- they assume investors immediately re-invest to buy more shares with the cash they theoretically received on the ex-div day (not possible in practice unless you use extra cash to buy on the ex-div day then repay it when the cash div arrives. If they use extra cash to buy on the ex-div day they they should deduct the opportunity cost (interest) of the extra cash)
- they assume investors pay no brokerage on the reinvestment (in practice there is brokerage cost + GST)
- they assume investors pay no spreads on the reinvestment
- they assume investors pay the closing price on the ex-div day. (in practice they get a a price some time during the day - which is rarely ever the closing price)
- they assume the amount of the dividend buys a whole number of new shares (in practice there is always a some cash left over - so the total return calculation should include interest income on the excess cash). This is an issue with high priced shares like CSL, CQG, and in the US many hundreds of shares trade at prices above $100 per share.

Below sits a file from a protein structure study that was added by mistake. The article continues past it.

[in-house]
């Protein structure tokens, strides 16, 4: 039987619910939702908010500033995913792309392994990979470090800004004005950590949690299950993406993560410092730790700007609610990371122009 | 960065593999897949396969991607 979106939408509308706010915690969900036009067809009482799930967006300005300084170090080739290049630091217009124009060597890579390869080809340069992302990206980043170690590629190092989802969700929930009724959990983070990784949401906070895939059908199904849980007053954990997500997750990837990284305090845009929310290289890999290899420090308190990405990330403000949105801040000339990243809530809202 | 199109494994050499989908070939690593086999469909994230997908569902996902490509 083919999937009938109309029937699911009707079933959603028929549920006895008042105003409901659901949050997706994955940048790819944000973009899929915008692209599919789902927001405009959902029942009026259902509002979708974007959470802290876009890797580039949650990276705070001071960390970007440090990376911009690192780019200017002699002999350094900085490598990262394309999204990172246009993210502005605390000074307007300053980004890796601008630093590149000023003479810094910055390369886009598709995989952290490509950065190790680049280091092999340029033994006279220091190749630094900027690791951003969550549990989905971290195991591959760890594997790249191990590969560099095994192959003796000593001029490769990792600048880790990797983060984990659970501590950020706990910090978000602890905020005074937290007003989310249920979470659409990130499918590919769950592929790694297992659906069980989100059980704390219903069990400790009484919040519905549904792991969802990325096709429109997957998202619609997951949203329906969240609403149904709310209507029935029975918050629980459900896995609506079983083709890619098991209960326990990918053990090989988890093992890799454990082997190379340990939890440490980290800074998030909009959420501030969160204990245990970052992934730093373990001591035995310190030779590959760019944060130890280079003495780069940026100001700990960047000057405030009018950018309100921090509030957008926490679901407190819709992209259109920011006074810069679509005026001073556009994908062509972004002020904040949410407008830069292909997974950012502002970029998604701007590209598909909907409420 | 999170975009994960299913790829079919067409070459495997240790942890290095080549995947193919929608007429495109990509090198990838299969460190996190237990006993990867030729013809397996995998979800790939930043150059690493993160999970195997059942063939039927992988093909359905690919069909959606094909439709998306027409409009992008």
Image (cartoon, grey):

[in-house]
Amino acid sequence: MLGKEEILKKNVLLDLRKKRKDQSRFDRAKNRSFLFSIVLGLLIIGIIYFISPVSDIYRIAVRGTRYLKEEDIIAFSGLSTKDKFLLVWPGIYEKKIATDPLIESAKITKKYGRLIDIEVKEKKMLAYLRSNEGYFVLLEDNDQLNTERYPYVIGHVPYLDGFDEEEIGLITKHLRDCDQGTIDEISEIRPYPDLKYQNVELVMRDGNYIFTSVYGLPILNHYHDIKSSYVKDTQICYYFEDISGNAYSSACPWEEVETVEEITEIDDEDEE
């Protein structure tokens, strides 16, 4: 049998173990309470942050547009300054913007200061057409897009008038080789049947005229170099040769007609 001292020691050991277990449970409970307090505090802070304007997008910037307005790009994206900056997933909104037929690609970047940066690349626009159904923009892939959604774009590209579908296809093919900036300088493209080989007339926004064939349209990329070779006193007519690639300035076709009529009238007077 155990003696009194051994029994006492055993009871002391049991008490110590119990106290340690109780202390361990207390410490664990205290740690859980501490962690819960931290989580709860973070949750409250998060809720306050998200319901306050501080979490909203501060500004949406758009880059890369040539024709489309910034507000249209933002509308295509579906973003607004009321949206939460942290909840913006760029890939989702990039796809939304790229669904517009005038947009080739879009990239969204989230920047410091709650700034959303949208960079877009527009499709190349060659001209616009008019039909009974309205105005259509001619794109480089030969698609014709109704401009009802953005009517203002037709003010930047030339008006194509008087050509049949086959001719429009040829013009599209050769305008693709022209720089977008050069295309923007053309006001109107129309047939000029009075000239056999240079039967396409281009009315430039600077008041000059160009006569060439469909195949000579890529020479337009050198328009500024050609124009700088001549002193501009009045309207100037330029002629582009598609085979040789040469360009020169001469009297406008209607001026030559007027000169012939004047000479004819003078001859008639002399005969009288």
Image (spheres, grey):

- they don't account for share price discounts in DRPs

For valuing franking credits there is the added problem that the franking credit adjusted indexes assume investors receive their cash tax refund on the ex-div day and then reinvest it in buying in cash with no brokerage or spreads, etc.
But in practice the cash refund is usually around 12 months later at best - eg a dividend paid in August 2018 after the June 2017-8 financial year result would be included in the tax return for the 2018-9 year, and even if they lodged their tax return in record time got a speedy refund the cash refund would not be received until say September 2019 or so. During the intervening 12+ months the share price may be significantly higher (depressing total returns) or lower (boosting total returns).